September 1 is just a few days away, which means the end of discounts for 2016 taxes is also just a few days away.  Seems like a perfect time to cover the basics of one of the Machinery Act’s most taxpayer-friendly provisions.  Read more »

  • Limitations on the Authority and Role of Adult Protective Services Programs

    Authored by: on Monday, August 22nd, 2016

    Yesterday, August 21, was National Senior Citizens Day. When President Reagan issued the proclamation first recognizing this day, he explained:

    For all they have achieved throughout life and for all they continue to accomplish, we owe older citizens our thanks and a heartfelt salute. We can best demonstrate our gratitude and esteem by making sure that our communities are good places in which to mature and grow older – places in which older people can participate to the fullest and can find the encouragement, acceptance, assistance, and services they need to continue to lead lives of independence and dignity.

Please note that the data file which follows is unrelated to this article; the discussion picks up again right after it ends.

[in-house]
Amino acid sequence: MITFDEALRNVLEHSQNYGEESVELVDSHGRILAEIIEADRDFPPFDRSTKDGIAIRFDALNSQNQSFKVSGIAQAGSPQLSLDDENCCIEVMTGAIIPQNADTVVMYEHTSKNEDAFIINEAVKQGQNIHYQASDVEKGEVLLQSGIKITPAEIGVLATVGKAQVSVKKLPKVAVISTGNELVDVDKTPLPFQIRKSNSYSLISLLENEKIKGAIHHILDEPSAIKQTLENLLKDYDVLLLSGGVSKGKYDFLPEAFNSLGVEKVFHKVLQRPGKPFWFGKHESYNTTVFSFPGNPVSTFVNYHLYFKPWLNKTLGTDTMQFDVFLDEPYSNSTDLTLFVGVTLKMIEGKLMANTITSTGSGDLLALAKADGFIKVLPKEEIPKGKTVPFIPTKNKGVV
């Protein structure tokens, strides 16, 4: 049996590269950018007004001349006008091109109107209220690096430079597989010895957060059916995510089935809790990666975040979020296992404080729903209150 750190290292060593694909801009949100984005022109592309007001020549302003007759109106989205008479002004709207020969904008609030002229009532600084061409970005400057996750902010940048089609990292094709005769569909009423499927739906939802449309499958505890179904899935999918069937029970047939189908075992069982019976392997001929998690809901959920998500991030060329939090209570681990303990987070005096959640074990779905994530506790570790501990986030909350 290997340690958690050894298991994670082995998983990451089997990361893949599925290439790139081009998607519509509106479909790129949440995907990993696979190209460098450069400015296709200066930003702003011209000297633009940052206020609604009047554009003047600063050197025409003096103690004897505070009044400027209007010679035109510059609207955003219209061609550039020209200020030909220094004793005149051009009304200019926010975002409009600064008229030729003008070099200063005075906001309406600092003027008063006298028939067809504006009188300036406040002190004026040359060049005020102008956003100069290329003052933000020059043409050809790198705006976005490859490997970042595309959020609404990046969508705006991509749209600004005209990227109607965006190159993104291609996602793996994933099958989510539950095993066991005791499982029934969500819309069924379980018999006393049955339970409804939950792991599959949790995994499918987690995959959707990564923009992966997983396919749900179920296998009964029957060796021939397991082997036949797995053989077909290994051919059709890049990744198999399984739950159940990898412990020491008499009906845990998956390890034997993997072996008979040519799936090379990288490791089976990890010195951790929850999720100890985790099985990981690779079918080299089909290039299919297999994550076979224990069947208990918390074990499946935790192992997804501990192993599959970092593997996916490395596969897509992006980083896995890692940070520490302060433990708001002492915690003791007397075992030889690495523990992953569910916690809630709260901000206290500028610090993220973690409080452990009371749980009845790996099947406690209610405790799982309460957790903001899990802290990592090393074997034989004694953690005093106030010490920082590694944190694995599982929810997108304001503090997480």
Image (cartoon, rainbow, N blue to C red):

This sends a powerful message and it is one that I think about often. As I’ve been working with the adult protective services program for the past few years, one of the issues I have struggled with is the balance between providing protection and preserving “independence and dignity” of older adults and disabled adults. Once a county department of social services (DSS) receives a report of alleged abuse, neglect, or exploitation of an adult, it will take action quickly to screen the report and, if appropriate, conduct an evaluation. In some situations, DSS will not intervene to provide protective services to the adult who is the subject of the report. This post explores some of these circumstances and will discuss the reasons why DSS may not have the authority to provide protective services. Also, at the end of the post I’ve included details about some free training resources related to financial exploitation.

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  • Board Majorities Attending External Events or Meetings: When is Notice Required?

    Authored by: on Monday, August 15th, 2016